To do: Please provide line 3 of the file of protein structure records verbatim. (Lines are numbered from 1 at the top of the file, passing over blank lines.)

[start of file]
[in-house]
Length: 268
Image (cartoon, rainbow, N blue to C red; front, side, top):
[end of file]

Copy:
Image (cartoon, rainbow, N blue to C red; front, side, top):